IF YOU ARE OF THE PECULIAR PERSUASION—and if you’ve read this far, I sincerely hope that you are—then this is a book that likely needs no introduction. These tales were a formative and beloved part of your upbringing, and you came of age reading them and hearing them read aloud with such frequency that you can recite your favorites word for word. If, however, you are among those unfortunates who have only just discovered their peculiarity, or who grew up in circumstances where no peculiar literature was available, I offer this brief primer.
TALES of the PECULIAR is a collection of our most beloved folklore. Passed down from generation to generation since time immemorial, each story is part history, part fairy tale, and part moral lesson aimed at young peculiars. These tales hail from various parts of the globe, from oral as well as written traditions, and have gone through striking transformations over the years. They have survived as long as they have because they are loved for their merits as stories, but they are more than that, too. They are also the bearers of secret knowledge. Encoded within their pages are the locations of hidden loops, the secret identities of certain important peculiars, and other information that could aid a peculiar’s survival in this hostile world. I should know: the Tales are the reason I’m alive to write these words now. They preserved not only my life, but those of my friends and our beloved ymbryne. I, Millard Nullings, am a living testament to the enduring usefulness of these stories, though they were written many years ago.
That’s why I’ve devoted myself to their preservation and dissemination, and taken it upon myself to edit and annotate this special edition of the Tales. It is by no means exhaustive or complete—the edition I grew up reading was a famously unwieldy three-volume set that weighed, collectively, more than my friend Bronwyn—but the stories contained here represent my very favorites, and I have taken the liberty of annotating them with historical and contextual insights so that peculiars everywhere may benefit from my wisdom. It’s also my hope that this edition, being more portable than previous ones, will be an easy companion on your travels and adventures, and may prove itself as useful to you as it once did to me.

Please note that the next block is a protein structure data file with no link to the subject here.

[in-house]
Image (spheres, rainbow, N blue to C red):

So please enjoy these Tales—before a crackling fire on a chilly night, ideally, a snoring grimbear at your feet—but remember, too, their sensitive nature, and if you must read them aloud (which I highly recommend) make certain your audience is peculiar.
—Millard Nullings, Esq., EdD, MBCh
The Splendid Cannibals
The peculiars in the village of Swampmuck lived very modestly. They were farmers, and though they didn’t own fancy things and lived in flimsy houses made of reeds, they were healthy and joyful and wanted for little. Food grew bountifully in their gardens, clean water ran in the streams, and even their humble homes seemed like luxuries because the weather in Swampmuck was so fair, and the villagers were so devoted to their work that many, after a long day of mucking, would simply lie down and sleep in their swamps.
Harvest was their favorite time of year. Working round the clock, they gathered the best weeds that had grown in the swamp that season, bundled them onto donkey carts, and drove their bounty to the market town of Chipping Whippet, a five days’ ride, to sell what they could. It was difficult work. The swampweed was rough and tore their hands. The donkeys were ill-tempered and apt to bite. The road to market was pitted with holes and plagued by thieves. There were often grievous accidents, such as when Farmer Pullman, in a fit of overzealous harvesting, accidentally scythed off his neighbor’s leg. The neighbor, Farmer Hayworth, was understandably upset, but the villagers were such agreeable people that all was soon forgiven. The money they earned at market was paltry but enough to buy necessities and some rations of goat-rump besides, and with that rare treat as their centerpiece they threw a raucous festival that went on for days.
That very year, just after the festival had ended and the villagers were about to return to their toil in the swamps, three visitors arrived. Swampmuck rarely had visitors of any kind, as it was not the sort of place people wanted to visit, and it had certainly never had visitors like these: two men and a lady dressed head to toe in lush brocaded silk, riding on the backs of three fine Arabian horses. But though the visitors were obviously rich, they looked emaciated and swayed weakly in their bejeweled saddles.
The villagers gathered around them curiously, marveling at their beautiful clothes and horses.
“Don’t get too close!” Farmer Sally warned. “They look as if they might be sick.”
“We’re on a journey to the coast of Meek,”1 explained one of the visitors, a man who seemed to be the only one strong enough to speak. “We were accosted by bandits some weeks ago and, though we were able to outrun them, we got badly lost. We’ve been turning circles ever since, looking for the old Roman Road.”
“You’re nowhere near the Roman Road,” said Farmer Sally.
“Or the coast of Meek,” said Farmer Pullman.
“How far is it?” the visitor asked.
“Six days’ ride,” answered Farmer Sally.
“We’ll never make it,” the man said darkly.
At that, the silk-robed lady slumped in her saddle and fell to the ground.
The villagers, moved to compassion despite their concerns about disease, brought the fallen lady and her companions into the nearest house. They were given water and made comfortable in beds of straw, and a dozen villagers crowded around them offering help.
“Give them space!” said Farmer Pullman. “They’re exhausted; they need rest!”